Ciclopirox topical (penlac, others) solution is a nail lacquer that is FDA-approved for the treatment of onychomycosis but demonstrates low complete cure rates (5.5-8.5%) after 1 year of daily application. Topical ciclopirox treatment of onychomycosis must include active removal of the unattached, infected nails as frequently as monthly.
Viral infections of the skin are very common and include verrucae (human papillomavirus [HPV]), herpes simplex virus (HSV), condyloma acuminatum (HPV), molluscum contagiosum (poxvirus), and chicken pox (varicella-zoster virus [VZV]). Acyclovir (zovirax), famciclovir (famvir, others), and valacyclovir (valtrex) frequently are used systemically to treat HSV and VZV infections (see Chapter 58). Cidofovir (vistide) may be useful in treating acyclovir-resistant HSV or VZV and other cutaneous viral infections (Anonymous, 2002a). Topically, acyclovir, docosanol (abreva), and penciclovir (denavir) are available for treating mucocutaneous HSV. Podophyllin (25% solution) and podofilox (condylox, others) 0.5% solution are used to treat condylomata. The immune response modifier imiquimod (aldara) is discussed in "Other Immunosuppressive and Anti-Inflammatory Agents." Interferons α-2b (intron a), α-n1 (not commercially available in the U.S.), and α-n3 (alferon n) may be useful for treating refractory or recurrent warts (Carter et al., 2004).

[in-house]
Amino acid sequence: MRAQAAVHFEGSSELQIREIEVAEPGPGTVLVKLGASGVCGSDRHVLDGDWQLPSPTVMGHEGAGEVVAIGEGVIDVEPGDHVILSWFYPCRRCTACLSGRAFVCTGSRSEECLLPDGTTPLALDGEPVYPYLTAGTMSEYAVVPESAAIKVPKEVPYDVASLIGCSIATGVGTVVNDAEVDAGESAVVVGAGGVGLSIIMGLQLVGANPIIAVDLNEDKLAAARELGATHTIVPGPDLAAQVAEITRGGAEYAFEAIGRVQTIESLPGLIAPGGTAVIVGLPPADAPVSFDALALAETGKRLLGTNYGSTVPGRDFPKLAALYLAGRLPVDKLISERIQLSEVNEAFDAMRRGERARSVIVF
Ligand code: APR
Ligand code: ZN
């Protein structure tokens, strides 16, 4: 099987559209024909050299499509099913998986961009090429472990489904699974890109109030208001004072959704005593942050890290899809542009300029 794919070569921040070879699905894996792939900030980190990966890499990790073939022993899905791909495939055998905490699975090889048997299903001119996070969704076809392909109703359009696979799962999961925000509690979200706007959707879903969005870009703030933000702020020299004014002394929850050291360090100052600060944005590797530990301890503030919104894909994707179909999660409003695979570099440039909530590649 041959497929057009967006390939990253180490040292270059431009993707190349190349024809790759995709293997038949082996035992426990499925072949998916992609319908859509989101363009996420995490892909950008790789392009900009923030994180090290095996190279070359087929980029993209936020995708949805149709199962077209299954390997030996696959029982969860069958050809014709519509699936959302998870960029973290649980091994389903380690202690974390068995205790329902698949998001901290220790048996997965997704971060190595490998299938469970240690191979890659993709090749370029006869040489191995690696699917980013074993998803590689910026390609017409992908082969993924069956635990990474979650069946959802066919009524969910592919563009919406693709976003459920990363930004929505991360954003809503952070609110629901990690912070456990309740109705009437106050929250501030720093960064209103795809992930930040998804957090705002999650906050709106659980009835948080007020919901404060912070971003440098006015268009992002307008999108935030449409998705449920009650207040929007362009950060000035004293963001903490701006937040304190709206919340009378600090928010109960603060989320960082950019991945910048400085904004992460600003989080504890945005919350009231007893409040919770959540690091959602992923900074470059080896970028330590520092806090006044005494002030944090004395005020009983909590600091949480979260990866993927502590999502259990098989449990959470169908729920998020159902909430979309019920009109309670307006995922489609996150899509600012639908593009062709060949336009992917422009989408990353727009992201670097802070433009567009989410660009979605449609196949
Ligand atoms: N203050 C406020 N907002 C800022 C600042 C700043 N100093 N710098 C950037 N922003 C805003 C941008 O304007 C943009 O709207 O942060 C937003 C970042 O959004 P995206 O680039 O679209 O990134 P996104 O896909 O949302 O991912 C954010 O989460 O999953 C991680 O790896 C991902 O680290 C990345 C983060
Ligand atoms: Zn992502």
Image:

Agents Used to Treat Infestations
Infestations with ectoparasites such as lice and scabies are common throughout the world. These conditions have a significant impact on public health in the form of disabling pruritus, secondary infection, and in the case of the body louse, transmission of life-threatening illnesses such as typhus. Topical and oral medications are available to treat these infestations.
Permethrin is a synthetic pyrethroid that interferes with insect sodium transport proteins, causing neurotoxicity and paralysis. Resistance due to mutations in the transport protein has been reported in Cimex (bed bugs) and other insects.